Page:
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Six Carolina undergraduates will head off on exciting journeys abroad to pursue independent study projects of their own design, thanks to the Burch Fellows Program in the College of Arts and Sciences.

The program, supported by Lucius E. Burch III, a 1963 Carolina graduate, rewards undergraduates at the University who possess extraordinary ability, promise and imagination, and funds their special projects, encouraging them to pursue their passions. The program provides up to $6,000 to support these self-designed, off-campus learning experiences.

The 2012 Burch Fellows will tackle such diverse topics as Italian opera, the African Space Research Program, management of water resources, local food systems, telemedicine services for rural populations, and the interactions of the global hydrologic cycle and climate change.

The Burch Fellows and their projects include:

Laura Buff is a junior from Raleigh, majoring in music and Italian. She also studies piano and organ. Her major interests have combined to create a passion for Italian opera. Her Burch Fellowship will take her to Milan, where she will research 19th century Italian vocal technique and performance practice. Her research will focus on method books used in the 19th century at the Milan Conservatory, press reviews of operatic performances of the time and personal correspondence between singers, composers, conductors and other music professionals. Buff will also listen to early recordings of singers trained in the 19th century and attend performances of operas from the period being performed at the Teatro alla Scala, the premier opera house both today and in the 19th century. With this project, she hopes to uncover changes in vocal technique since the 19th century as well as identify aspects of technique which are still in practice today.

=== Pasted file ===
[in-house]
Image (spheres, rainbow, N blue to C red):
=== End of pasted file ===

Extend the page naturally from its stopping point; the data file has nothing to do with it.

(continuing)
Charlie Harris is a sophomore communication studies and public policy double major with a minor in astronomy from Raleigh.  His interests include media production, scientific advocacy and space exploration. He will use his Burch Fellowship to travel to Kampala, Uganda, and create a documentary film about the African Space Research Program — a space technology group that hopes its research will someday lead to a shuttle and national space program for Uganda. His film will showcase this unique organization’s ambitions, roadblocks and progress. The film will foster public support for the program, as well as spread the inspiring story of the program’s leaders. Harris wishes to explore why this team is pursuing their goals, and why they feel that space travel is a relevant pursuit in a developing nation like Uganda. He hopes to screen the documentary on campus, and at both local and international film festivals.